Strikes as part of the ongoing dispute between the GMB Union and Centrica have resumed after talks with the Advisory, Conciliation and Arbitration Service (ACAS) failed to bear fruit.
Last weekend a four-day strike was suspended to allow talks between GMB and British Gas to take place at ACAS. GMB says the talks require the company to drop its so-called ‘fire and rehire’ plan if a deal is to be possible.
Centrica and GMB are understood to be at a “critical stage” in the negotiations through ACAS.
The 19th day of industrial action kicks off a further weekend of strikes today (19 February) which will see engineers down tools until Tuesday (23 February).
Around 7,000 British Gas engineers have taken part in industrial action against Centrica’s contract change proposals.
The field staff bargaining group rejected the proposals and have already taken part in 18 days of strikes. A further four-day strike, beginning on 26 February and ending at 23.59 on 1 March, is also scheduled to take place.
Justin Bowden, GMB national secretary, said: “Strike days 19 to 22 will go ahead at British Gas after talks at ACAS faltered because the company refused to end the fire and rehire notice.
“GMB’s executive has determined action could continue to mid-April in this deadlocked dispute.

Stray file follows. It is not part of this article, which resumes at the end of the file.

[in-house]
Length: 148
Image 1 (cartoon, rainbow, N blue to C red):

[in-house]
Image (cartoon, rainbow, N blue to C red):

“GMB entered into these ACAS brokered talks in good faith, but a deal is only possible if the company takes its fire and rehire plan off the table.
“After 18 days of strikes, more than 210,000 homes are in a backlog for repairs and 250, 000 planned annual service visits have been axed.”
A Centrica spokesperson declined to comment on the matter.
Speaking during a government select committee hearing earlier this month Centrica chief executive Chris O’Shea said there needed to be more legal clarity over fire and rehire proposals.
He added that he “regretted” the company’s interpretation of the law which is that S.188 notices have to be issued as soon as the employer believes there is no possibility of a negotiated settlement.
“I don’t think the way the law is drafted just now helps with negotiations. I understand why Mr Bowden and the GMB feel that that contaminates negotiates. I would feel similar to that. But I think what we can’t have is companies not being able to make changes to terms and conditions at all, but we can and I hope we do change where in the process that has to be notified because I don’t think the law as it’s currently drafted helps us in these conversations”, he said.